p.000026: trials. But this is subject to the restrictions in Sections 13(8) and 25(3)(c), on both a deputy and a donee,
p.000026: concerning life-sustaining treatment or treatment necessary to prevent a serious deterioration in the patient’s
p.000026: condition.
p.000026:
...

p.000072: (a) the person’s past and present wishes and feelings (and, in particular, any relevant written statement made by him
p.000072: when he had capacity);
p.000072: (b) the beliefs and values that would be likely to influence his decision if he had capacity; and
p.000072: (c) the other factors that he would be likely to consider if he were able to do so.”
p.000072:
p.000072:
p.000072:
p.000072: A21
p.000072:
p.000072: ANNEX A
p.000072:
p.000072: behalf of a non-competent person cannot be defended as in the person’s best interest if no clinical trial is involved.
p.000072:
p.000072: Consent Involving Vulnerable Persons
p.000072:
p.000072: 3.15 While it is usual to treat the individual as an autonomous agent for purposes of taking consent, provision has
p.000072: to be made when considering research participants who might be considered vulnerable. Such participants include:
p.000072:
p.000072: (a) Adults with diminished mental powers (such as the intellectually disabled or patients with dementia
p.000072: or others who lack mental capacity as defined in the Mental Capacity Act) or because they are incapacitated
p.000072: through accident, injury or illness;
p.000072:
p.000072: (b) Those whose autonomy might be prejudiced by being under the influence of, or the control of, or obligated to,
p.000072: third parties; and
p.000072:
p.000072: (c) Infants or children. In the case of under-aged research participants issues of consent primarily
p.000072: involve parent or guardians.
p.000072:
p.000072: Consent from Vulnerable Persons not Lacking Capacity
p.000072:
p.000072: 3.16 Vulnerable adult research participants not only include those who are of diminished capacity, but also
p.000072: those whose autonomy might be prejudiced by being under the influence of, or the control of, or
p.000072: obligated to, third parties. Potentially vulnerable participants might include, but are not limited to:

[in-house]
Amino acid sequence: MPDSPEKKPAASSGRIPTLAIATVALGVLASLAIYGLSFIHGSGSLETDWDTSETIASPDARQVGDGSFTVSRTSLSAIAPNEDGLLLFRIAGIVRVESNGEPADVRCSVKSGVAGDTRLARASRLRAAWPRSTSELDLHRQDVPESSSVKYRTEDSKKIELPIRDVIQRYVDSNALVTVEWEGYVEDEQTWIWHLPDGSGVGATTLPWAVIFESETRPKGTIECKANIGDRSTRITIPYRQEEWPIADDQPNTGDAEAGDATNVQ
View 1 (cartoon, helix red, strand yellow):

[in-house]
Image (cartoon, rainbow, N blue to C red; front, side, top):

p.000072:
p.000072: (a) Prisoners;
p.000072:
p.000072: (b) Serving uniformed personnel, especially junior ranks;
p.000072:
p.000072: (c) Patients, especially if the intending researcher is their attending physician; and
p.000072:
...

Health / degenerative conditions

Searching for indicator degenerative:

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p.000058: induced pluripotent stem cell research, or research involving human-animal combinations, to which they have a
p.000058: conscientious objection, nor should they be put at a disadvantage because of such objection.
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p.000058: Cells (2008), online: .
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p.000060: 60
p.000060:
p.000060: GLOSSARY
p.000060:
p.000060: GLOSSARY
p.000060:
p.000060:
p.000060: Alzheimer’s disease – A degenerative brain disorder common in the elderly, characterised by progressive deterioration
p.000060: of mental functions leading to impaired cognition and increased reliance on others for daily activities.
p.000060:
p.000060: Assisted reproductive (AR) technologies – The use of clinical and laboratory techniques to increase the chances of
p.000060: conceiving a baby. An example is in vitro fertilization, or IVF.
p.000060:
p.000060: Chimera – An organism whose body contains cells from another organism of the same or a different species.
p.000060:
p.000060: Cytoplasmic hybrid embryo – An embryo created by the transfer of the nucleus of a somatic cell from one species
p.000060: into an egg of another species from which the nucleus has been removed.
p.000060:
p.000060: Embryo – The earliest stage of development of an organism.
p.000060:
p.000060: Embryonic germ cell – An unspecified cell derived from primordial reproductive cells of developing foetuses